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As malls close, it's the end of shopping as we know it – at least for now

And you thought malls were empty before the coronavirus outbreak.

Though malls were not required to close until 8 p.m. Thursday per Gov. Andrew M. Cuomo's orders, most of the stores inside them had already been shuttered well before then.

The governor announced the order Wednesday, as an attempt to control the spread of the novel coronavirus. By then or soon after, a slew of national retailers closed their doors across the country, including Gap, Victoria's Secret and Bath & Body Works. One mall store after another followed suit until just a handful of stores remained open Thursday afternoon.

Joseph Puma, 50, from Town of Tonawanda visited Boulevard Mall out of curiosity Thursday, wanting to see what the mall would look like in these unprecedented times. What he found was "surreal."

"It was very odd. Like walking through an abandoned building or something in a movie," he said.

Even though mall stores with exterior entrances are allowed to remain open after the mall closures go into place, many of them had already closed ahead of the state's mandate. That includes Dick's Sporting Goods, Lord & Taylor, J.C. Penney, and Macy's.

The few people hoping to hit the shopping centers before they closed Thursday night were met mostly with closed doors and drawn gates.

Darius Smith of Buffalo was supposed to be in North Carolina on vacation from his job as a mental health counselor this week but opted to stay home once the crisis hit. Looking for some retail therapy, he was disappointed to find nearly every store shuttered at Walden Galleria Thursday afternoon.

"They said they were gonna be open 'til 8. How they gonna do that to me?" said Smith, 30. "We have to have somewhere to go. My whole 30 years, I've never seen anything like this."

Asked if he was worried about being exposed to the virus at the public shopping center, Smith said no.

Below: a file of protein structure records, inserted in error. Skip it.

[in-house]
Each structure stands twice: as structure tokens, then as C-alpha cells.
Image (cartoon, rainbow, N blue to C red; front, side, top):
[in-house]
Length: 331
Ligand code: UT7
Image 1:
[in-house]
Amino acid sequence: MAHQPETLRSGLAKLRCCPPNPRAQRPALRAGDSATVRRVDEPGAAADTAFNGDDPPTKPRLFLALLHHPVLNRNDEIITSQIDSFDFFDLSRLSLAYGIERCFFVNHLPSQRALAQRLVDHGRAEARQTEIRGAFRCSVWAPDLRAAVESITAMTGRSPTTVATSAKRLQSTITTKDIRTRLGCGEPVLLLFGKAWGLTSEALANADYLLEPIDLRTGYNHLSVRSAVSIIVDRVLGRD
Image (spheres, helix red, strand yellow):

"Ain't nobody here!" he said.

Most shoppers in the malls Thursday appeared to be in their 20s and 30s. That age group has been accused of being too cavalier about the dangers of Covid-19.

Nick Christie, 22, of Cheektowaga, and Tyler Enser, 28, of Hamburg, were both off work Thursday and were at Walden Galleria looking for something to eat. They tried to enter through Dick's Sporting Goods only to find it locked.

Christie said he didn't take the threat seriously and was unapologetic about it.

"Nah, I don't care about that," he said, minutes before spitting on the pavement in the Galleria's parking lot.

Enser was also unbothered, believing the threat is overblown.

"I saw something that said every election year there's a virus scare, and there's an election year coming up," he said.

The Made in America store at Walden Galleria was one of the few stores remaining open, though it was tucked away in a less-traveled corridor under the movie theater, surrounded by shuttered stores. The store hadn't seen a single customer Wednesday, and just one of them Thursday.

It was so quiet, in fact, that its shelves were still loaded with retail's most scarce and coveted product: toilet paper.

Store manager Kim Streer was preparing to close the doors at 5 p.m. She was supposed to leave for a cruise to the Caribbean Saturday, which she canceled because of the pandemic, but she was still looking forward to spending time at home once the mall closed. Her husband is employed with the Thruway Authority, so her family still has a regular paycheck coming in, and she is excited to clean out her closets and spend time with her kids.

"I'm ready," she said.

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